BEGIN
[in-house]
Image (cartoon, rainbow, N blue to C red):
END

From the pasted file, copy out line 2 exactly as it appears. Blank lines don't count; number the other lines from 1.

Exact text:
Image (cartoon, rainbow, N blue to C red):